Monday, 14 March 2016

Faith and Wisdom in Science: observations from a recent Norwich science and faith conference

Last week, Tom McLeish, Professor of Physics at Durham University and chair of  the Royal Society’s education committee participated in an afternoon session at Norwich in which a group of  "lay ordained, religious believers (of different kinds) and not, and including two working scientists" [1] fielded questions from a group of sixth form students on questions related to science and faith. The range of questions asked by the young people included comments about creationism, the 'God of the Gaps', free will, and the need for religion to prove itself to be valid. Those are pertinent questions which have been asked in our community but poorly answered or even ignored, and one is left lamenting how mainstream Christianity leaves our community far behind in being able to raise and answer these questions in an intellectually honest manner.

One of the questions asked by the sudents was:
Many churches still preach creationism as a literal interpretation of Genesis. This message is in direct contradiction to evolution and the evidence provided by physics. Is there too great a gulf between faith and reason to reconcile the two?
McLeish noted that the purpose of his blog post was not to provide the answers but to "reflect on the diverse concerns and assumptions behind these probing questions". The problem as he laments is that the public understanding of the historical background of these issues is informed by a shallow version of the long-debunked 'conflict hypothesis' between science and religion. McLeish argues that this has led to the misconception that both are rival explanations, which given the success science has in explaining things has resulted in God being squeezed out of the universe.
From that starting point it is not a surprise that faith and science have become tangled in pupils’ minds as competing explanatory frameworks – so God rescues and inhabits the ‘gaps’ in our explanations (until there are no gaps left…). Science itself becomes misunderstood – the notion of ‘scientific proof’ is appealed to (it doesn’t exist) – and a grasp of ‘religion’ also – we found ourselves asserting that Christianity is not just ‘about ideas’ but about practical living that works.  The most troubling questions – troubling because they arose, not because they are hard to answer – were about the conflict of science with young earth creationism (and it came up more than once).  This is a terrible 20th century heresy that is taught in more churches than most people think, poisons young minds and reduces Bible-reading to thin, selective and disrespectful proof-texting.  The Church needs to speak out on this much more strongly, for here is a real conflict – one has to throw out essentially all that we have learned through science to countenance it. [1] Emphasis mine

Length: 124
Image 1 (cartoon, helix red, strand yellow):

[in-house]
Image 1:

McLeish's description of YEC as a "terrible 20th century heresy" may appear to be a particularly blunt description, but given (1) the fact that modern YEC as we know it is a recent phenomenon with sectarian roots in fundamentalist Christianity (2) the incredible harm it has inflicted on the reputation of Christianity by linking Christianity and obscurantism firmly in the minds of many people and (3) the steady stream of deconversions from YEC to atheism, it is hard not to agree with McLeish. YEC is poor science and even worse theology, and its fruits are bitter indeed.

McLeish brings his post to an end on a positive note:
So it is a wonderful thing that Churches and Cathedrals are increasingly recognising that they are natural places to host science festivals, such as the Norwich science week in which the debate took place.  Lectures, hands on experiments – even a simulated volcano spewing fire – all graced the festival week.  To move from seeing science as a vague secular threat, towards celebrating it as God’s Gift, is an essential journey for the Church today.  This is not only so that the apologetic questions can be re-framed in proper historical and philosophical light, but because science needs the church to support its mission even more now than it always did.  This is the central point of the book Faith and Wisdom in Science, in which I argue that a ‘Theology of Science’ needs urgently to replace the opposition of theology and science.
I cannot agree more, but note with an elements of sadness that such intelligent, contemplative events are non-existent in our community other than at a grass-roots level. The need for such intelligent, informed conversation in our community has never been greater.


1. McLeish T "Science and the Church: Gift, Celebration and Re-Creation" Faith and Wisdom in Science March 13, 2016